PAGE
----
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Britain Prods IRA To Engage in Talks

BRITAIN is prepared to push ahead next month with plans for limited self-government for Northern Ireland without input from Gerry Adams, president of Sinn Fein, the Irish Republican Army's political wing, if the IRA fails to abandon violence and join the peace process.

In late May, Mr. Adams said Sinn Fein and the IRA would give a ``definitive response'' to the December 1993 Anglo-Irish statement, known as the Downing Street Declaration, ``after the European Parliament elections.''

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The election results were announced on June 12, but in the following days Adams failed to say whether or not he was willing to accept the terms of the declaration, which invited Sinn Fein to join in peace talks if it abandons terrorism.

Adams's silence prompted Sir Patrick Mayhew, Britain's Northern Ireland secretary, to say on June 16 that Britain intended to proceed with a scheme to let the province's constitutional parties assume some of the duties currently under London's authority.

Northern Ireland is ruled directly from London. Devolution could include the setting up of an elected assembly in Belfast, the Northern Ireland capital, able to pass laws and supervise their application in a range of economic and social areas.

Sir Patrick said the door was still open for the IRA to ``renounce violence completely,'' but he made it clear that the British government was not prepared to wait much longer for Adams.

Sir Patrick is anxious to open talks with the two Ulster Unionist parties and the Social and Democratic Liberal party, which are represented in the British Parliament.

Pressure on Adams to respond positively to the Downing Street Declaration increased in May when Prime Minister John Major, after long hesitation, agreed to clarify some of the provisions of the Anglo-Irish statement.

The British government answered a series of questions posed by Adams. The 21-page response from London said: ``Sinn Fein claims a commitment to the principle of self-determination. That means abiding by the will of the people. The vast majority of people in Ireland, north and south, of both religious traditions, demand an end to violence now.''

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Results of the European Parliament elections in Northern Ireland gave a boost to the British approach. Sinn Fein candidates did poorly, while John Hume, leader of the Social Democratic and Labour Party (SDLP), retained his seat in the Strasbourg assembly with a large majority.

Mr. Hume said afterward that he had campaigned on a peace platform that had been ``endorsed by the voters.'' He called on Adams to commit Sinn Fein to the aims of the Downing Street Declaration by abandoning violence and signifying a wish to join in peace talks.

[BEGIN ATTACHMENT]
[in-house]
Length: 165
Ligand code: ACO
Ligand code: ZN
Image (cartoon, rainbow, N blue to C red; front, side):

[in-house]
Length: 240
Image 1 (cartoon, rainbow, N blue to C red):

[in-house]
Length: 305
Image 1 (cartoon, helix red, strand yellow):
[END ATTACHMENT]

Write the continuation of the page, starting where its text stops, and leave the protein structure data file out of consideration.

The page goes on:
Calls by Hume for Adams to make his intentions clear carry considerable weight because the SDLP leader held secret talks with the Sinn Fein president last autumn. The exchanges gave an early indication that the IRA might be prepared to halt the armed struggle.

A senior Conservative member of the Britain's Parliament said Adams was still hesitating because Sinn Fein remained divided over the Downing Street Declaration. The parliamentarian believes that before the European election only about 60 percent of Sinn Fein and the IRA were prepared to negotiate.

British government sources say Adams would need at least 70 percent support within the IRA before he could bid for peace.

MR. MAJOR and his government are using the threat to go ahead with constitutional talks involving the Unionist parties and the SDLP to increase pressure on Sinn Fein and the IRA. They are hampered, however, by the refusal so far by Ian Paisley and his Democratic Unionist party to agree to take part in talks.

Mr. Paisley and his supporters continue to regard the Downing Street Declaration as a potential sellout to the IRA. James Molyneaux and the Ulster Unionist Party are more likely to join the talks, but remain suspicious of British government intentions. Mr. Molyneaux says that he wants the Dublin government to abandon its constitutional claim to Northern Ireland. Sir Patrick said last week that Dublin would need to reexamine clauses in the Irish Constitution that speak of a united Ireland.

While a response from Adams is awaited, Northern Ireland violence shows no sign of abating. Late on Saturday gunmen of the Ulster Volunteer Force, a Protestant paramilitary group, shot dead six Roman Catholics in a pub in County Down while they were watching the World Cup soccer championship.

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